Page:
Remember that also character variables on a nominal scale can be used as categorical predictors. For those it is obvious that in the regression equation their values (such as "Caucasian", "Yes", "Divorced") must be replaced by the numeric values of the corresponding design variables (whose creation is triggered by the CLASS statement). If a predictor is listed in the CLASS statement, its design variables are always used. No exceptions are made for predictors whose original values happen to be numeric.

So, in the case of effect coding of VAR3 and VAR4 with the ref='1' option you would look at the design matrix (cf. table "Class Level Information" in your PROC LOGISTIC output or the generic example in the documentation: "Other Parameterizations", first table). There you would find out that if the values of VAR3 and VAR4 were 1 (i.e., equal to their respective reference levels), the corresponding design variable values in the regression equation would be −1, leading to the calculation p=logistic(-6.4624-0.0111*21-0.00089*1897-0.6089+0.038).

That said, a special feature of binary variables with values 0 and 1 is that they may be treated as continuous variables (by removing them from the CLASS statement), in which case handling them "just like" VAR1 and VAR2 would be correct. The results will be exactly the same as if they are used in the CLASS statement with a parameterization assigning 0 to 0 and 1 to 1 in the design variables. This is not surprising because then the design variable and the original predictor are mathematically equal.

Super User

## Re: Manually calculating logistic regression probabilities

PROC LOGISTIC now has the CODE statement so you can have the scoring code created for you.

Compare your code to that code is one good way to check this process.

And here's a post that illustrates an end to end check for the calculations:

Raw data to run the code is here: (neuralgia data set)

https://documentation.sas.com/doc/en/pgmsascdc/9.4_3.4/statug/statug_logistic_examples02.htm

And post showing example:

https://communities.sas.com/t5/Statistical-Procedures/How-to-determine-logistic-regression-formula-f...

Fluorite | Level 6

## Re: Manually calculating logistic regression probabilities

Thank you @Reeza.
I have just tried the code in the post you shared and I got the same value with my manual calculation (0.000129594) both of which are not close to IP_1. Below are the values. The code inputs 0 for var3 and var4 just like I do in my manual calculation, but the pred prob gets close to IP_1 only if we input 1 just like @FreelanceReinhard did. I am not clear on why we would multiply by 1 instead of 0, when the values of the variables are 0. Any thoughts?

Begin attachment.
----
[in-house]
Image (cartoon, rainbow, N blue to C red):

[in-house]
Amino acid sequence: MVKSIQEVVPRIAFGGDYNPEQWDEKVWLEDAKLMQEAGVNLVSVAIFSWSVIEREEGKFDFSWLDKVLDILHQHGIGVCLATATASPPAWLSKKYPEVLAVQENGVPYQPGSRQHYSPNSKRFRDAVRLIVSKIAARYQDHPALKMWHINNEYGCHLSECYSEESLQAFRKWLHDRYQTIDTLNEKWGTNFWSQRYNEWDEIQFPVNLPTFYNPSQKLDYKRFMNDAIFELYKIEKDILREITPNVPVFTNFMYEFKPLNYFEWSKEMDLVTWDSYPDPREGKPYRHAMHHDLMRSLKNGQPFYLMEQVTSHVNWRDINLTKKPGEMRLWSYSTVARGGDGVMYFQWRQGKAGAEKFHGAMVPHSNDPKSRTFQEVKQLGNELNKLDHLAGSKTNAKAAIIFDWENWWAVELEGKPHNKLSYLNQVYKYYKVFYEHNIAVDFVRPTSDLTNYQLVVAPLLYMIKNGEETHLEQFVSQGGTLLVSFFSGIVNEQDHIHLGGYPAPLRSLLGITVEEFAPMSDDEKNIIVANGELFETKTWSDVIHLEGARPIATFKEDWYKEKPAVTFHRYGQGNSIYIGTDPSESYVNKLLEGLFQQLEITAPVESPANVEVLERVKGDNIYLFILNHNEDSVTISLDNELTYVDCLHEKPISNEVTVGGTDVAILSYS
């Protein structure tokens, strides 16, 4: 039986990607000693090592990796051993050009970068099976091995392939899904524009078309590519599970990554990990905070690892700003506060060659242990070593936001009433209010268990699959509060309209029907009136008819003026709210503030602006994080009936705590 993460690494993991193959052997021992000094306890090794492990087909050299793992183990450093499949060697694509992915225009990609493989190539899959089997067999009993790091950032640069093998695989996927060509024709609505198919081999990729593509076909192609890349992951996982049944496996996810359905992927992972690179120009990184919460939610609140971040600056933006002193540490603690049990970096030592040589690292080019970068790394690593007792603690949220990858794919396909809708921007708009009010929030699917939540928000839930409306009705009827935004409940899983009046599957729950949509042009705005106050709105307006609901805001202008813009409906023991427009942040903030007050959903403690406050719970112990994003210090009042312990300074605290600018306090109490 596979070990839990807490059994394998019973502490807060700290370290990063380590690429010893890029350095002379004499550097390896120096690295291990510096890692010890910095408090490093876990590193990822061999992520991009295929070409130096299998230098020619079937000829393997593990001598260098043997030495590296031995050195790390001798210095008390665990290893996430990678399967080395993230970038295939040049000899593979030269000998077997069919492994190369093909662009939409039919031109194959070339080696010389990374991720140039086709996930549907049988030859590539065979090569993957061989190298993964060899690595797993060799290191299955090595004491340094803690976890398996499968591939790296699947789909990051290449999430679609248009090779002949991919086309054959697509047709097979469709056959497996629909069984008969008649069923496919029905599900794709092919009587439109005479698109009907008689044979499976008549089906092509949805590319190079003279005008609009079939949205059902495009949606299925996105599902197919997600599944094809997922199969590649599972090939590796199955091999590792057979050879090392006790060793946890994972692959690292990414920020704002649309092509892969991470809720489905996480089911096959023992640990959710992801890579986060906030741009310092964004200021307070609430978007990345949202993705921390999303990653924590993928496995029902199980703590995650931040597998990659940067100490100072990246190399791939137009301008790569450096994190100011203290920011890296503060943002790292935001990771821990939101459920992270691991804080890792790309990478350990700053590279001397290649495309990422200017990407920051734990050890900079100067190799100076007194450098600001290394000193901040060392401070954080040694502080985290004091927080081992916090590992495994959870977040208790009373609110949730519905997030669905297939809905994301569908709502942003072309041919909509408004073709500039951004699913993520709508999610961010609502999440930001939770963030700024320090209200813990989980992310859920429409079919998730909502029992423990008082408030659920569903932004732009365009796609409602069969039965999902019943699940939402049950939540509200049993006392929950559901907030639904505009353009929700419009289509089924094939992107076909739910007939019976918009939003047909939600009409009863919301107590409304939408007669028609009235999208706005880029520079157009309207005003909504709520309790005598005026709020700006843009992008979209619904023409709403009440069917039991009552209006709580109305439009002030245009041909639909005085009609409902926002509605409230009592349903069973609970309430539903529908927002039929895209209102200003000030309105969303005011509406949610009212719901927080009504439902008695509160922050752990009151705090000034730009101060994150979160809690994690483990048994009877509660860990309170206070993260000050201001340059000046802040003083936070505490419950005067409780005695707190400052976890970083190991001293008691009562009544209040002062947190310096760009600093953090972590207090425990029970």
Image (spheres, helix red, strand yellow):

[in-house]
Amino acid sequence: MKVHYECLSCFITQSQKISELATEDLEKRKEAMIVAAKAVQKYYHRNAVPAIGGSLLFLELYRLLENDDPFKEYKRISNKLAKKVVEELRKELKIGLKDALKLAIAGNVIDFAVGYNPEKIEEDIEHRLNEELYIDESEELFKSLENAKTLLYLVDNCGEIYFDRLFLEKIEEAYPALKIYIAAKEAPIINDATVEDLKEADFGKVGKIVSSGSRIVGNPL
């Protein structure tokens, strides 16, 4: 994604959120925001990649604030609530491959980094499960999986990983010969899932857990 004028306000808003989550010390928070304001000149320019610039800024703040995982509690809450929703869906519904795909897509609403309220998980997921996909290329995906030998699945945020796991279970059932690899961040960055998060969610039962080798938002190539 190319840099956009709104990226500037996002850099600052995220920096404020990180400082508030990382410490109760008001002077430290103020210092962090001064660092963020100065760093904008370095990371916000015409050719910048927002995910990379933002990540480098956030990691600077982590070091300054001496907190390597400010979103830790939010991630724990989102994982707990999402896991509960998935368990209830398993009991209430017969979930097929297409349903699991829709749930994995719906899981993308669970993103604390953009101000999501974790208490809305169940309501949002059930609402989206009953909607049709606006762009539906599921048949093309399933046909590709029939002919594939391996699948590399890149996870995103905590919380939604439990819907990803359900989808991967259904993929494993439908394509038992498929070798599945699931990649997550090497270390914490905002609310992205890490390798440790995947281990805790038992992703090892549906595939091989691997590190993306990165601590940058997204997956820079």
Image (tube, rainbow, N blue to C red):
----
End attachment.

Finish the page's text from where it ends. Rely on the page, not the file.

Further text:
IP_1 myformula
0.000405819 0.000129594
Super User

## Re: Manually calculating logistic regression probabilities

Post the Effect Coding matrix please.

Fluorite | Level 6

## Re: Manually calculating logistic regression probabilities

Here is the class levels. Does the last column mean if the value is 0 in the data, input them as 1? If that's the case, how can I flip them?

 Class Level Information Class Value Design Variables var3 0 1 1 0 var4 0 1 1 0
Super User

## Re: Manually calculating logistic regression probabilities

Note that your value and design code are flipped... 0 maps to 1 and 1 maps to 0.
Super User

## Re: Manually calculating logistic regression probabilities

You've specified the reference level is 1, which means that is coded as 0.

Sounds like you want the opposite, you can just remove the reference specification.

proc logistic data=mydata desc outmodel= model plots(only)=roc PLOTS(MAXPOINTS=NONE) plots=effect;
class var3 (ref='1') var4 (ref='1') / param = ref ;
model target_var = var1 var2 var3 var4 / lackfit firth ctable pprob=(0.0010, 0.0015, 0.002, 0.0025, 0.003, 0.004) maxiter=100;
output out=preds predprobs=individual;
run;
Fluorite | Level 6

## Re: Manually calculating logistic regression probabilities

Actually I wasn't using the reference specification in my original code and still 0 and 1 were flipped, but if I do (ref='0') that gives the same probabilities with IP_1. Thank you for your help!